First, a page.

Find the most used indexes

At a customer I was asked to check for missing indexes and add them. Some days later the application automatically dropped them. The customer come back to me and asked to check which indexes were the most important.

As maybe not all my added indexes were needed and used, instead of just sending (again) the document with their definition, I checked which indexes were actively used since adding the new indexes.

I come up with this query:

select distinct object_owner,object_name from dba_hist_sql_plan where plan_hash_value in (select plan_hash_value from 
/* Day after adding new indexes */
with snapshot as (select min(snap_id) snap_id from dba_hist_snapshot where begin_interval_time>=to_date('27-MAY-2021','DD-MON-YYYY')),
/* Plans using new indexes */
plans as (select plan_hash_value from dba_hist_sql_plan where object_name like '%\_ANJO\_%' escape '\')
/* Plans using new indexes after my intervention */
select plan_hash_value, sum(executions_delta) execs from dba_hist_sqlstat where snap_id> (select snap_id from snapshot)
  and plan_hash_value in (select plan_hash_value from plans)
  group by plan_hash_value
  having sum(executions_delta)>10
and object_name like '%\_ANJO\_%' escape '\' 
order by 1,2;

I’ve limited the search to the indexes I added (having _ANJO_ in their name).

Surprise, all of the indexes I added were actively used. Hopefully they will add them again for good.

Explore multiple optimizer features and fixes with SQLT Xplore

Yesterday I described how I come to SQLT Xplore and it helped me to find out, on Oracle, that optimizer_features_enable=8.1.3 decreased the parsing time of a query from 5 seconds to 0.2 seconds. Today I show how to use SQLT Xplore.

What is SQLT Xplore?

SQL Xplore automatises the test of almost 2’000 optimizer parameters and bug fixes control against one query, allowing to discover which parameter was eventually the reason of a performance regression.


Long parsing on Oracle 12.2 and the discovery of SQLT Xplore

Today I discovered a fantastic free tool from Oracle: SQLT Xplore!

At a client I had one query that took long time parsing. The tkprof result of the 10046 trace showed it took 5 seconds to parse:

call     count       cpu    elapsed       disk      query    current        rows
------- ------  -------- ---------- ---------- ---------- ----------  ----------
Parse        1      5.17       5.30          0          0          0           0
Execute      1      0.00       0.00          0          0          0           0
Fetch        1      0.00       0.00          0        665          0          26
------- ------  -------- ---------- ---------- ---------- ----------  ----------
total        3      5.17       5.30          0        665          0          26

Looking around I’ve noticed that disabling the cost based transformation:

ALTER SESSIONS SET "_optimizer_cost_based_transformation"=off;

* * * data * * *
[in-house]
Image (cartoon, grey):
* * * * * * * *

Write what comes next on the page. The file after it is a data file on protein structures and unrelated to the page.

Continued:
…the query was much faster to parse: only 0,5 seconds.


GoldenGate replicat performance

Today at a client I had a old abended replicat process that I decided to give life to. So I solved the problem and start it.

The environment is using GoldenGate against Oracle database with ASM, on AIX. The replicat process replicates all operations of a 700+ tables schema. There were other replicats running at the same time writing to other schemas.

Then I decided to see the performance of GoldenGate. With the query:


You get the detailed statistics of operations per second since the start of the process, since the beginning of the day and last hour for all tables replicated by that process. For instance:

*** Hourly statistics since 2012-04-16 13:00:00 ***
        Total inserts/second:                     1397.76
        Total updates/second:                     1307.46
        Total deletes/second:                      991.50
        Total discards/second:                       0.00
        Total operations/second:                  3696.71

So here we can see it is doing a bit more than 3500 operations per second, divided quite evenly between inserts, updates and deletes.

As usually the GoldenGate is used for realtime replication and there are no big operations, the client does not use performance related parameters. But this time I decided to play with them.

After adding both: BATCHSQL and INSERTAPPEND to the parameter file of the replicat process, the results were the following (after more than 10 minutes running) and performance is still increasing:

*** Hourly statistics since 2012-04-16 13:43:17 ***
        Total inserts/second:                     2174.92
        Total updates/second:                     2540.20
        Total deletes/second:                     1636.16
        Total discards/second:                       0.00
        Total operations/second:                  6351.28

We see the performance increased by 90% !

I got interested to see if the BATCHSQL parameter only by itself could make the difference. So I removed the INSERTAPPEND parameter (which only influences the inserts anyway). Here are the results after more than 10 minutes.

*** Hourly statistics since 2012-04-16 14:00:00 ***
        Total inserts/second:                     2402.21
        Total updates/second:                     2185.24
        Total deletes/second:                     1742.43
        Total discards/second:                       0.00
        Total operations/second:                  6329.88

Yep, seems the system of my client in certain situations benefits mostly of the BATCHSQL parameter.

For those who don’t know, “in BATCHSQL mode, Replicat organizes similar SQL statements into batches within a memory queue, and then it applies each batch in one database operation. A batch contains SQL statements that affect the same table, operation type (insert, update, or delete), and column list.” (in GoldenGate Reference Guide).